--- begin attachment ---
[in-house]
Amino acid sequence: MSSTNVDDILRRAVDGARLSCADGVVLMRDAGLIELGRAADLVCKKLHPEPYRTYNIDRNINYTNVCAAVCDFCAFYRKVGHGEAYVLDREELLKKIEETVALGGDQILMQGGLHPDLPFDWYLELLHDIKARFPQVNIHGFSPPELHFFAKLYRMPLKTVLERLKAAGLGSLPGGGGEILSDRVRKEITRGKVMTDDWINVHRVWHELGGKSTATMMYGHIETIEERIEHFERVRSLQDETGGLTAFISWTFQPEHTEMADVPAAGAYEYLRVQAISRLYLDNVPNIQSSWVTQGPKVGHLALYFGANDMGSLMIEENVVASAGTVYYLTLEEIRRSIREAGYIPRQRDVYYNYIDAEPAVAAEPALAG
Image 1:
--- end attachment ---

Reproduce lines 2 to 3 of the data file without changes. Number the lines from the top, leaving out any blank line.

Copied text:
Amino acid sequence: MSSTNVDDILRRAVDGARLSCADGVVLMRDAGLIELGRAADLVCKKLHPEPYRTYNIDRNINYTNVCAAVCDFCAFYRKVGHGEAYVLDREELLKKIEETVALGGDQILMQGGLHPDLPFDWYLELLHDIKARFPQVNIHGFSPPELHFFAKLYRMPLKTVLERLKAAGLGSLPGGGGEILSDRVRKEITRGKVMTDDWINVHRVWHELGGKSTATMMYGHIETIEERIEHFERVRSLQDETGGLTAFISWTFQPEHTEMADVPAAGAYEYLRVQAISRLYLDNVPNIQSSWVTQGPKVGHLALYFGANDMGSLMIEENVVASAGTVYYLTLEEIRRSIREAGYIPRQRDVYYNYIDAEPAVAAEPALAG
Image 1: